Print version of the third issue

NLP Anchor

Maintain Emotional States
I fell in love for the time at Lake Balaton in Hungary. It was a girl from Berlin and I met her in a holiday group. I had no idea what triggered this feeling of elation but it was fantastic. During the day, we saw each other on the beach and in the evenings we sat together and danced at the disco. That summer there was one hit that was really popular. In the daytime you could hear it coming from people's ghetto blasters and at night from the speakers of the discotheque. It was the reggae song "Kingston Town" by UB40. So, I was completely in love and everywhere this song was playing. Love ended soon after the holidays; I only received one letter from her. But two years later something really amazing happened. Lake Balaton was long forgotten. I was sitting in a bistro when suddenly I was overcome by the same wonderful feeling from that time. I saw her, I saw Lake Balaton, I heard her voice and felt my first kiss again. I wondered what had made me suddenly think of all that again.. I looked around and only then did I realize: "Kingston Town" was playing in the background. I'm sure you also know songs which can awake memories and feelings you thought were long forgotten as if at the push of a button. And it still works. I have just put this song on as I write, and all those images appear in my mind as I listen to it again. You should try it yourself right away. Listen to a song which reminds you of the most beautiful and intensive moments of your life!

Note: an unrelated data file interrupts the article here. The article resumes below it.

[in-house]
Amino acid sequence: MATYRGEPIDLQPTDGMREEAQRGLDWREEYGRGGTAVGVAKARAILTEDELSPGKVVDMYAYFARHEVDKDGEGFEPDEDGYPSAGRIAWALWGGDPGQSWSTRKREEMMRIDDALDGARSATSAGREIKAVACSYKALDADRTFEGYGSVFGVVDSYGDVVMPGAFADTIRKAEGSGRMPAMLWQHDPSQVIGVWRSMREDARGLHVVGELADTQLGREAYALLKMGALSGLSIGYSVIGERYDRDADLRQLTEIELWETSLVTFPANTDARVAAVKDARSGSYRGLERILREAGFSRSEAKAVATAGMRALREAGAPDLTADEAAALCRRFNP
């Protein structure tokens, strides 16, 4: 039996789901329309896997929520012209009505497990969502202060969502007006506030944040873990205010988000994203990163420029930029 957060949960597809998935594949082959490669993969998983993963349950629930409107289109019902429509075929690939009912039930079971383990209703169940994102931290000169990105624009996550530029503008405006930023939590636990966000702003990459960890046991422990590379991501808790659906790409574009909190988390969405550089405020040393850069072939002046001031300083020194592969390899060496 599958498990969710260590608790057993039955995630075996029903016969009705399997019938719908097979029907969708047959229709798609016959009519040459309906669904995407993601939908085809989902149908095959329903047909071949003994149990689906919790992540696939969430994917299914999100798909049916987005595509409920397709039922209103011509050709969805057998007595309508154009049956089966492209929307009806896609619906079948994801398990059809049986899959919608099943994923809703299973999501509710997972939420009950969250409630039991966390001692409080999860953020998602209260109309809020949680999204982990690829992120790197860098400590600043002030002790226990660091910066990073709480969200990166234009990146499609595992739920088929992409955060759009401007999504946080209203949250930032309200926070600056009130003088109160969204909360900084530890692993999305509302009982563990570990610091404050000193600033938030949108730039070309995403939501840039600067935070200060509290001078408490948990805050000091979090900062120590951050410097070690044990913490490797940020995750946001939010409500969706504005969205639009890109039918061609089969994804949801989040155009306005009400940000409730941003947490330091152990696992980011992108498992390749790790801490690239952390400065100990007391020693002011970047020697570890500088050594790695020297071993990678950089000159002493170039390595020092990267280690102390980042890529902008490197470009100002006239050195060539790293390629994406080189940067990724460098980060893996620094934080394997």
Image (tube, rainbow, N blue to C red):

What is an anchor in NLP?
An anchor is an impulse (stimulus, trigger) which causes a specific response in someone which is always the same. In contrast to a reflex, this response is learnt and not hereditary. Thus, an anchor is a learnt stimulus-response connection. The basic principle was discovered by the Russian neurophysiologist Ivan Pavlov during his experiments with dogs, and has since become known as the concept of classical conditioning. In 1904, Pavlov was awarded the Nobel Prize for his research.
Anchors influence our emotional states on an almost non-stop basis. And yet only those anchors which are linked to intense emotional states have a special meaning. They can be both positive and negative. Recognising negative anchors and replacing them with positive ones if need be is an important step on the way to a better attitude towards life.
Anchors can occur in all sensory systems, e.g. the ringing of the phone or a favourite song, holiday photos, specific smells, a certain facial expression, a company logo or the claim of a firm ("Just do it!"), distinctive voices, movements like the clenching of a fist, words with a particular meaning, places where we have experienced something special, gifts, garments and medals.

"I believe that imagination is stronger than knowledge. That myth is more potent than history. That dreams are more powerful than facts. That hope always triumphs over experience. That laughter is the only cure for grief. And I believe that love is stronger than death."
- Robert Fulgham